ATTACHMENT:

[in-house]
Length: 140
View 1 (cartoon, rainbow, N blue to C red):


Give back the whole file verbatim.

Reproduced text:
[in-house]
Length: 140
View 1 (cartoon, rainbow, N blue to C red):